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Investigating Safe Data Sharing and Systems Interoperability in Humanitarian Cash Assistance

2023 — By International Federation of Red Cross and Red Crescent Societies

This report offers a technical landscaping of the current state of data sharing and interoperability in the sector and evaluates the potential of emerging technologies and operating models to address challenges in current approaches. The analysis is focused on cash programming, and specifically on two use cases: deduplication of beneficiaries, and referrals of individuals.

Key insights from this workstream:

  • There is no silver bullet technical solution – Given the tremendous diversity in organizational capacity and resources, operating environments, data protection regimes, stakeholder relationships, and nature of the response, there is no singular solution or technical approach that is ideal in all contexts, even for a single use case. Instead, we believe a plurality of technical approaches will continue to be used for data sharing, and that this plurality is healthy for the sector overall – e.g. it reflects the demands and capacity of local context, and provides resilience against monopolization and failure.
  • Spreadsheets still matter – While there have been significant advancements in technical solutions for data sharing – in particular, for deduplication – a huge number of organizations still rely on emailing spreadsheets and other insecure methods. Many if not most recognize the risks associated with processing and sharing data in these ways, but the lack of resources and technical capacity limit their ability to procure more robust systems.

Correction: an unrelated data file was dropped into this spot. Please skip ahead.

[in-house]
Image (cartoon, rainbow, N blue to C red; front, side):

• Interoperability is not just a technical challenge – Although this analysis is technical in nature, it’s important to recognize that technical systems are just one aspect of interoperability.
    The ‘interoperability stack’ model (see section ‘About technical interoperability’ below) highlights the need for alignment at the organizational and legal layers as well; in fact, these non-technical aspects are likely more challenging than the technical layer.
  • Power asymmetries shape data sharing – There are significant power asymmetries between the UN agencies and international NGOs and smaller, lower-resourced NGOs, and these asymmetries are reflected in the access to and control over data-sharing technologies; in short, larger organizations have systems, power and control, and smaller organizations typically have little agency in how they engage with technical data-sharing processes.
  • Data standardization is the key – Regardless of the solution or technical approach, effective data sharing requires alignment on data standards, which we see as a clear opportunity for improving the foundation and potential for interoperability across the sector. Importantly, data standardization is not threatening to any actors, and in fact was explicitly encouraged by virtually all key informants, including private sector vendors.